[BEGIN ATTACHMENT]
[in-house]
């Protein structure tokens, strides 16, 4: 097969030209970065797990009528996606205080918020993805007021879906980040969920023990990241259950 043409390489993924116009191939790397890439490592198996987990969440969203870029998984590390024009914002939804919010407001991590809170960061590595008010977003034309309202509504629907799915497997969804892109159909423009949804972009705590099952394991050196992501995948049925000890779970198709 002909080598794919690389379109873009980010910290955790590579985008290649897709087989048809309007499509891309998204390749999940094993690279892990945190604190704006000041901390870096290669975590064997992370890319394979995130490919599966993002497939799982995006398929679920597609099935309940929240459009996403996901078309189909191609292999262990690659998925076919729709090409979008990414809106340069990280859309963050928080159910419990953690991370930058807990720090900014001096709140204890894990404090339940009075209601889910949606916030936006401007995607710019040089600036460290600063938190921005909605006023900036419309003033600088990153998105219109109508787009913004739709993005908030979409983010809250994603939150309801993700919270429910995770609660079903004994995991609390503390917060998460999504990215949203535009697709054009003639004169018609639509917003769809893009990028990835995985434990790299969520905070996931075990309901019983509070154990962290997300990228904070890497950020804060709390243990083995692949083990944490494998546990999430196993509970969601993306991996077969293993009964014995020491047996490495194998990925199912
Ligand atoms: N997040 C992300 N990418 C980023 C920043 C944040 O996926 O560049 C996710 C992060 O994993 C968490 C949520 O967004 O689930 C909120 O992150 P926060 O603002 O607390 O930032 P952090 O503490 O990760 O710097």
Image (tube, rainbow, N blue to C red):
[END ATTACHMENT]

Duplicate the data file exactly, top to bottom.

[in-house]
């Protein structure tokens, strides 16, 4: 097969030209970065797990009528996606205080918020993805007021879906980040969920023990990241259950 043409390489993924116009191939790397890439490592198996987990969440969203870029998984590390024009914002939804919010407001991590809170960061590595008010977003034309309202509504629907799915497997969804892109159909423009949804972009705590099952394991050196992501995948049925000890779970198709 002909080598794919690389379109873009980010910290955790590579985008290649897709087989048809309007499509891309998204390749999940094993690279892990945190604190704006000041901390870096290669975590064997992370890319394979995130490919599966993002497939799982995006398929679920597609099935309940929240459009996403996901078309189909191609292999262990690659998925076919729709090409979008990414809106340069990280859309963050928080159910419990953690991370930058807990720090900014001096709140204890894990404090339940009075209601889910949606916030936006401007995607710019040089600036460290600063938190921005909605006023900036419309003033600088990153998105219109109508787009913004739709993005908030979409983010809250994603939150309801993700919270429910995770609660079903004994995991609390503390917060998460999504990215949203535009697709054009003639004169018609639509917003769809893009990028990835995985434990790299969520905070996931075990309901019983509070154990962290997300990228904070890497950020804060709390243990083995692949083990944490494998546990999430196993509970969601993306991996077969293993009964014995020491047996490495194998990925199912
Ligand atoms: N997040 C992300 N990418 C980023 C920043 C944040 O996926 O560049 C996710 C992060 O994993 C968490 C949520 O967004 O689930 C909120 O992150 P926060 O603002 O607390 O930032 P952090 O503490 O990760 O710097």
Image (tube, rainbow, N blue to C red):